The Polish science fiction writer Stanislaw Lem once wrote a story about a planet where it is decided that all the inhabitants shall live and breathe underwater. The tale is an obvious satire of Communist utopianism, but its crucial lesson--that deciding on idealized ends, irrespective of either the practicality or the morality of the means to them, is a sure path to disaster--has unfortunately never really been absorbed by Western intellectuals. On the contrary, recent political philosophy has been dominated by discussions roughly as absurd as whether we should all really be breathing underwater.
Consider, for example, distributive-justice.com, a Website (independently endorsed by two different members of the "Crooked Timber" collective) devoted to cataloguing and explaining the prominent schools of thought on the question of "distributive justice". This question was popularized by the late John Rawls, a widely revered philosopher most famous for positing the following thought experiment: imagine that you are permitted to design, top to bottom, the rules of operation for a society, with the proviso that you would then be placed in that society, in a "position" (role, social status, economic status, etc.) as yet unknown to you, and not of your choosing. How would you decide, for example, to order the allocation of wealth? Of honor? Of power? Rawls argues that the best strategy in this experiment would be to design something like a modern egalitarian welfare state, with a generous safety net to guard against the possibility of being cast in the role of indigent. Others, of course, have proposed alternative strategies, and distributive-justice.com outlines a few.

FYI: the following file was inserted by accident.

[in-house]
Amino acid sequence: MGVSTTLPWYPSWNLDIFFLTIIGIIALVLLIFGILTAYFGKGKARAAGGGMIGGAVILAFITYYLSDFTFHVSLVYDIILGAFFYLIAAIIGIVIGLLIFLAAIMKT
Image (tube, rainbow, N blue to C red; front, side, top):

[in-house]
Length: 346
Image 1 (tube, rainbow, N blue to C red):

Well, political philosophers may love this type of question, but to me it's of a piece with Lem's characters' pondering what they really should all be breathing. After all, nobody in real life is in a position to order a society per Rawls' experiment, and any order proposed under its conditions is thus a "pure end", blissfully disconnected from any means that might achieve it. Unanswered are such questions as, "how much change has to be imposed upon the current society to reach the desired one?" "What will be the practical effects on economic prosperity, political order, or social peace?" "How much suffering will result from the transition?" And, of course, my perennial favorite: "will the new order be imposed forcibly by a dictator, stealthily by a Platonic oligarchy, or democratically by a supportive populace?" Discussing the morality or practicality of one distributive end or another without considering these questions about the morality and practicality of the means is, in my opinion, mere idle game-playing, offering no useful moral insight whatsoever.
It is often said that "the ends justify (or do not justify) the means". In fact, neither statement is true. Ends may or may not justify the means, but more importantly, ends and means simply cannot be teased apart and dealt with separately in evaluating the morality of the combination. And it's not as if the folks at "Crooked Timber" are unaware of this principle--the well-known ethical exercises referred to as "trolley problems", discussed there, illustrate it perfectly. Somehow, though, the temptation to imagine a world of ends freed from the chains of their means always seems just too tempting for philosophers to ignore.